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Fair Finance trustee sues Indy attorney for $375,000

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The bankruptcy trustee for Fair Finance Co. has filed a lawsuit against Indianapolis attorney Stephen Plopper and his wife, saying they defaulted on a 2003 loan from the defunct Tim Durham-owned business and now owe $375,000.

The loan to Stephen and Linda Plopper matured in 2006, but the couple has failed to satisfy the debt, despite recent demands for payment, according to the suit filed Friday in U.S. Bankruptcy Court in Akron, Ohio.

Stephen Plopper served as secretary of Fair Holdings, parent of the Akron-based finance firm. He formerly operated his law practice out of the top floor of the Chase Tower in downtown Indianapolis, sharing space with Durham. The Ploppers' home at 1205 E. 126th St. in Carmel serves as collateral on the loan, according to the suit.

Plopper, who could not be reached for comment, is among more than a dozen Durham associates who received loans from Fair after Durham and fellow Indianapolis businessman Jim Cochran bought the business in 2002.

Bankruptcy trustee Brian Bash alleges that insider loans taken out by Durham, Cochran, and their business associates “utterly looted” the business, leaving it unable to repay more than 5,000 Ohio residents who purchased unsecured investment certificates. The company owes the investors more than $200 million.

Last month, the trustee sued Durham's sister, Dana Osler, and her husband, Jeffrey Osler, charging they defaulted on a company loan and now owe $1.2 million. Jeffrey Osler served as executive vice president and a board member of Obsidian Enterprises Inc., Durham’s Indianapolis-based buyout company.

Fair hasn’t reopened since the FBI raided its offices in November 2009. The raid came about a month after an IBJ investigative story highlighted the insider loans and raised questions about whether the firm had the means to repay holders of investment certificates.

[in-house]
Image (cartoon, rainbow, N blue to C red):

The U.S. Attorney’s Office is conducting a criminal investigation of the company’s collapse. Durham has acknowledged that he owes Fair millions but has denied breaking the law. He noted that the offering circulars provided to prospective investors detailed the insider loans and highlighted other risks.

This article originally ran in the Feb. 15 issue of IBJ Daily.
 

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  1. Linda, I sure hope you are not seeking a law license, for such eighteenth century sentiments could result in your denial in some jurisdictions minting attorneys for our tolerant and inclusive profession.

  2. Mazel Tov to the newlyweds. And to those bakers, photographers, printers, clerks, judges and others who will lose careers and social standing for not saluting the New World (Dis)Order, we can all direct our Two Minutes of Hate as Big Brother asks of us. Progress! Onward!

  3. My daughter was taken from my home at the end of June/2014. I said I would sign the safety plan but my husband would not. My husband said he would leave the house so my daughter could stay with me but the case worker said no her mind is made up she is taking my daughter. My daughter went to a friends and then the friend filed a restraining order which she was told by dcs if she did not then they would take my daughter away from her. The restraining order was not in effect until we were to go to court. Eventually it was dropped but for 2 months DCS refused to allow me to have any contact and was using the restraining order as the reason but it was not in effect. This was Dcs violating my rights. Please help me I don't have the money for an attorney. Can anyone take this case Pro Bono?

  4. If justice is not found in a court room, it's time to clean house!!! Even judges are accountable to a higher Judge!!!

  5. The small claims system, based on my recent and current usage of it, is not exactly a shining example of justice prevailing. The system appears slow and clunky and people involved seem uninterested in actually serving justice within a reasonable time frame. Any improvement in accountability and performance would gain a vote from me. Speaking of voting, what do the people know about judges and justice from the bench perspective. I think they have a tendency to "vote" for judges based on party affiliation or name coolness factor (like Stoner, for example!). I don't know what to do in my current situation other than grin and bear it, but my case is an example of things working neither smoothly, effectively nor expeditiously. After this experience I'd pay more to have the higher courts hear the case -- if I had the money. Oh the conundrum.

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